Michael Adelizzi 2013-10-12 06:32:58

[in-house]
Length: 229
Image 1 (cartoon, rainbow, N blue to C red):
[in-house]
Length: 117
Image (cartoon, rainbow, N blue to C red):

ASA – A Look Back, A Leap Forward An Interview with Mike Adelizzi, ASA Executive Vice President It has been just more than six years since the American Supply Association hired Michael Adelizzi to manage the national organization. We thought it would be a good time to gain his perspective of where the association was when he took the helm, his thoughts about the association’s accomplishments over the past six years and his vision for ASA’s future. ASA: So it has been just over six years since you took over as executive vice president and chief operating officer at ASA. Are you pleased, surprised or disappointed where ASA is today? Is it where you thought it would be? Adelizzi: I am pleased. Actually, I am more than pleased about our current situation. I definitely am not surprised. When I took over in 2007, the association had diminished from its heyday and had lost a great deal of relevance. At the same time, ASA had a tremendous core of extremely bright and motivated members that wanted to rebuild. Together, our leadership and staff developed a strong strategic plan, stuck to it, cut irrelevant programs, rebuilt our financial resources and invested in some great programs such as advocacy, education and business intelligence. As a result, today we are enjoying two years of net membership growth, a strong financial reserve that is being used to continue to add new programs and we have once again reemerged as the leader. Today, no one doubts that ASA is back and thriving. ASA: Today, ASA has radically expanded its offering of programs as well as greatly improved its value proposition. All of this was accomplished during a depressed economy. How did ASA do it? Adelizzi: Hard work sounds like too simple of an answer, but that is a big part of our success. More importantly, we have great leaders that have not been afraid to be bold. Two examples come to mind. When the markets were crashing, the ASA Education Foundation’s Karl E. Neupert Endowment Fund, which funds a large percentage of what we are doing in education today, took a hit as well. Instead of shutting everything down, our leadership doubled down by investing reserves to develop ASA University, its five colleges, 14 curricula and the technical ability to electronically deliver training to our members. Another great example is government affairs. Having a lobbying firm that cost us $350 per hour to represent ASA in Washington, D.C., in addition to having a long-range plan calling for us to become more engaged, our core members increased their own annual dues so that we could hire a full-time ASA staff person to work in Washington. In a sense, it is no secret how we have done so well. Much like our members’ businesses, we find good people (our members) and let them move mountains. ASA: We’ve heard you say that ASA has just more than 300 distributor member firms and that you believe there are roughly 500 more out there that are not affiliated with ASA. Does it bother you that those 500 firms are not members of ASA? Adelizzi: Sure it does. Sometimes it is depressing to think 500 firms will sit back and let 300 other firms carry the water for them. We all are together in this industry, meaning everyone should step up and help. If everyone joined and helped ASA in Washington, we could become a formidable force. Think about it: 1,000 companies with 100,000 employees all engaged in seeking change in Washington. We would be a force that would have to be dealt with. ASA: What were the barriers over the past six years that needed to be overcome to gain the success you are having today? Adelizzi: The availability of resources, poor perceptions of our relevance, stagnation and programs that distracted us from our core purpose coupled with a dead trade show, no long-range vision and members that had quit on us had created an overall general malaise. ASA: What are the barriers today that you will have to overcome in the next five years to continue to reach new heights? Adelizzi: The ego of some companies and individuals thinking they are better than the industry, a lack of unification, industry groups deciding to copy what ASA is doing instead of joining with us, the amount of disposable time distributors have to volunteer and become involved, our next generation of business owners not necessarily being association-oriented and, of course, to a degree, consolidation. ASA: What are the greatest challenges ASA members will be facing in the next five years that could hurt their businesses? What will ASA do to help them overcome these challenges? Adelizzi: A totally dysfunctional and antagonistic government, an uncertain economy, the availability of an educated labor force, consolidation, a more sophisticated consumer and a growing number of Americans with declining expendable incomes. Keeping focused on the ASA Long Range Strategic Plan that we annually update will be a key. We have already identified these barriers and are developing plans to deal with them. Specific examples are getting industry buying groups to become more engaged behind ASA’s advocacy efforts, reaching out to young people and attracting them to our industry to build our industry’s bench and expanding on our business intelligence to guide our members’ decision-making ability. ASA: What’s on the short-term horizon for ASA? Adelizzi: Short-term, we are looking at ways to enhance our successful forecasting program through “Phase 2” later in 2014. More near-term, ASA will launch a career recruitment effort that will attract high school, community college and select four-year university students to the PHCP and PVF industry. We currently are developing informational videos and printed materials that cover all the career options available in our industry. When you hear the term industrial distribution, many of us think of warehouse workers. That only is a small part of the whole package. Our industry offers many opportunities in any part of the country where a young person may want to start a career. Employment opportunities include warehouse operations, sales, marketing, IT, finance, human resources, accounting and purchasing at both distributor and manufacturing firms. We are a vibrant industry that offers a tremendous amount of variety, which is exactly what young people are looking for today. Another part of our career recruitment effort will be an online job board that will link opportunities available at our member firms with people looking to start or advance a career. You will also see us launch our Masters of Industrial Distribution, which will give our members the ability to formally train their branch managers. ASA also has recently ramped up our ability to market our members to industry customers in both the PHCP and PVF sectors. PVF Outlook and PB Outlook magazines already are reaching thousands of customers with critical information that our members are telling us they want their customers to hear. In a nutshell, ASA has become a marketing partner with our members. ASA: Give us your elevator speech. Why should a distributor join ASA? Adelizzi: Ability sums it all up. ASA gives our members the ability to adapt, grow and succeed. Advancing Success Together In late August, two-dozen volunteer leaders and staff representing ASA, MwDA, NCWA, SWA, WANE and WSA convened in Chicago to conduct a workshop focused on the overall value proposition that membership offers wholesale distributors. According to Adelizzi, “Because the vast majority of ASA’s wholesaler members maintain their membership through one of the six independent regional affiliates, those organizations continue to play an important role in helping the national association to effectively communicate and deliver on its value proposition.” Workshop participants quickly agreed the focus of programs and services available at the local, regional levels are predominantly organized around the same cornerstones as those available from the national organization – networking, education, business intelligence and advocacy. “Each of the organizations has its own personality and that comes as a result of trying to provide what our members value most from being part of their local, regional groups,” WSA Executive Vice President Don Robertson said. “We’re all working toward the same goal. We want to provide our members with benefits that help them continue to be profitable and sustainable in an ever-changing marketplace.” WANE President Gary Bosley (Buffalo, N.Y.-based Erb Co.) Added, “ASA is a great organization with a lot to offer any distributor that wants to remain viable, but the key to getting engaged is to participate, and that starts locally.” Reggie Hickman from Brock McVey in Lexington, Ken., and a past president of SWA added, “It really is important for the national and regional organizations to work cooperatively and in ways that complement one another’s efforts to deliver on the mission and grow a vibrant membership with participation at all levels.” More detailed outcomes from the workshop will be reported to ASA’s Board of Directors at its next meeting on Oct. 2 at NetworkASA 2013 in Washington, D.C., and explored in greater detail at the annual strategic planning meeting in January. A special thanks to ASA Chairman of the Board Scott Weaver (Lebanon, Pa.-based APR Supply Co.) For facilitating the workshop. ASA Introduces Essentials of Profitable Purchasing and Inventory Management The ASA Education Foundation is pleased to announce a new course to the ASA University offerings. Essentials of Profitable Purchasing and Inventory Management© now is available in book and online format and becomes the seventh course in the popular series of comprehensive training programs developed exclusively for the wholesale distribution channel. The new book course is divided into 10 chapters, each with a selfgrading quiz to test knowledge retention, a substantial glossary for ongoing reference and two appendices: one with typical purchasing job descriptions and the other with more complex purchasing formulas. The book course also includes an 80-question online final exam. The online version is a four-hour interactive program divided into 10 modules with engaging activities, learning games, self-grading quizzes, a glossary and an 80-question final exam. A certificate of completion is provided for those who pass the exam. The chapters/modules of the course include: • The Role of Purchasing in Wholesale Distribution • Negotiation for Successful Buying • Purchasing Best Practices • Purchasing Project Management • Finance for Strategic Procurement • Supply Chain Management and Logistics • Profitable Inventory Management and Control • The Physical Inventory Process • Improving Quality in the Supply Chain • Putting Your New Knowledge to Work “We’re excited about this new course because it’s aimed at teaching purchasing and inventory professionals how critical their role is in the company’s profitability,” ASA Education Foundation Executive Director Amy Black said. “In addition to giving purchasing and inventory personnel key tips about how to do their jobs more effectively, the course stresses the importance of ethical behavior, clear communication, time management and the team approach, as well as the role of purchasing and inventory management in providing outstanding customer service in a successful wholesale distribution business.” For more information and to order, visit www.asa.net/store or call 630/467-0000. Answers to Your Questions about Compensation & Benefits Next spring, ASA and its independent regional affiliates will release a comprehensive employee and executive compensation report. This will be the first time since 2010 that this kind of data will be available for the PHCP and industrial PVF wholesale-distribution channel. “This study is the best sample on compensation and benefits in distribution,” ASA Executive Director Chris Murin said. Data collection will begin in early January, and all wholesaler members will receive a copy of the final report in exchange for completing the survey questionnaire – at no fee. The final report will be made available only to members.